Cyclooxygenase-1 Is Overexpressed in Multiple Genetically Engineered Mouse Models of Epithelial Ovarian Cancer

Takiko Daikoku, Susanne Tranguch, Irina N. Trofimova, Daniela M. Dinulescu, Tyler Jacks, Alexander Yu. Nikitin, Denise C. Connolly, Sudhansu K. Dey
2006 Cancer Research  
Cyclooxygenases-1 and -2 (Cox-1 and Cox-2) are two distinct isoforms that catalyze the conversion of arachidonic acid to prostaglandins. The role of Cox-2 in a variety of cancers is well recognized, but the contribution of Cox-1 remains much less explored. We have previously shown that human epithelial ovarian tumors have increased levels of Cox-1, but not Cox-2. We also observed that Cox-1 is highly expressed in a mouse model of epithelial ovarian cancer (EOC), which lacks p53 but
more » ... 53 but overexpresses c-myc and K-ras or c-myc and Akt. More importantly, a Cox-1-selective inhibitor, SC-560, attenuates EOC growth. In the present investigation, we used various genetically engineered mouse models of EOC to determine whether Cox-1 overexpression is unique to specific genetic and oncogenic alterations or is widespread. These models include: (a) deletion of both p53 and Rb, (b) induction of the transforming region of SV40 under the control of Mullerian inhibitory substance type II receptor, or (c) activation of K-Ras in the absence of Pten locally in the ovarian surface epithelium. We found that these three models, which produce spontaneous EOC, also show up-regulated expression of Cox-1, but not Cox-2. The results provide further evidence that Cox-1 overexpression is common in various models of EOC. Thus, Cox-1 serves as a potential marker of EOC and is a possible target for the prevention and/or treatment of this deadly disease.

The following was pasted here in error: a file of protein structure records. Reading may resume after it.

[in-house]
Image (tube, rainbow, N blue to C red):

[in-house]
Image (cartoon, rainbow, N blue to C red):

doi:10.1158/0008-5472.can-05-4063 pmid:16510568 fatcat:sb6nvgwahbfixcplghwaoqgk6a